Two commercial passenger jets prepare to land on parallel runways 28L and 28R at San Francisco International Airport on Thursday, March 20, 2014.
Construction work has already begun on the Runway Safety Area (RSA) at one end of Runway 1 Left, though the heavy work will begin when the runways are closed in May.
An aircraft lines up for departure on 1 Right, which will also close until September. In the background is SFO's new control tower.
Here you can see just how close the affected runways are to the 101 freeway that borders the airport.
A map of of SFO showing runway locations and the new taxiways. The new EMAS materials will be installed in the green areas.
The EMAS technology works like a runaway-truck ramp for airplanes, collapsing to assist in the slowing of planes that might overshoot the runway.
The EMAS material that will be installed collapses on impact, slowing a plane that has gone off the runway.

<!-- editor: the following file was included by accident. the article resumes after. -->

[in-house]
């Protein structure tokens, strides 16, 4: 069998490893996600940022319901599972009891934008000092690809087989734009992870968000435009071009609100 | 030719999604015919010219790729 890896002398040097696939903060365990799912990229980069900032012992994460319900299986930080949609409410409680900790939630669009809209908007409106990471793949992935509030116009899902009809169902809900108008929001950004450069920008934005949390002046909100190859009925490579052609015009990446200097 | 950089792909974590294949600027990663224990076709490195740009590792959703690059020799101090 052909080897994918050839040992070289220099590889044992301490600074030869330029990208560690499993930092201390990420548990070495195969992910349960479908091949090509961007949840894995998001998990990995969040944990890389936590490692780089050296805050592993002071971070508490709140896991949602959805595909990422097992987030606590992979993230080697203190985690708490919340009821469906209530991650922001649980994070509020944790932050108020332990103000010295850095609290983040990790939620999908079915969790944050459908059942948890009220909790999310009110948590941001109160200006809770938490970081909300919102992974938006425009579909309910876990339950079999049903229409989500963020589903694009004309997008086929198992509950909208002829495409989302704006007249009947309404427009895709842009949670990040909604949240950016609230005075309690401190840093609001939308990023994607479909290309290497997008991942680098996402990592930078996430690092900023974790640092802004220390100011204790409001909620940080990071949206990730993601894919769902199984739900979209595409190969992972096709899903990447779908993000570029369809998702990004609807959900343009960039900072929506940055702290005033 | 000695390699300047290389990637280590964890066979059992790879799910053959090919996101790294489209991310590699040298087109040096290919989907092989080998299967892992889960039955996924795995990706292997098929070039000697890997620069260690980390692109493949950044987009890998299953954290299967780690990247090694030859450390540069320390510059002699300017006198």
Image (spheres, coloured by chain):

The EMAS tiles will line the beginning and end of Runways 1 Left and 1 Right. Here you can see where they will be installed next to San Francisco Bay.
Across the field, a KLM MD-11 arrives from Amsterdam.
As we toured the airport's perimeter, signs like this one warned us when we were about to cross a runway's end.
An Air China Boeing 777 passes over the Runway Safety Area at the end of Runway 28 Right just before touchdown. The installation of these RSAs was completed last year.
As an ANA Boeing 777 awaits takeoff clearance on 28 Left, a small private plane arrives on 28 Right. The construction closure means that all departing and arriving traffic will be restricted to these two runways. Close operation like this, however, will be permitted only in good weather.
Mind the jet blast.
A Portland, Ore.-bound Alaska Airlines Bombardier Q400.
Virgin America maintains its hub at SFO.
American Airlines' retrojet pays a visit to SFO.
A United Express Embrarer 120 Brasilia climbs out on a short-haul flight.
A Boeing 777 taxis for departure to Korea.
The 777 is one of the largest aircraft to operate at SFO.
Qatar Airways doesn't serve SFO, but one of its Airbus A340s was parked in a remote area.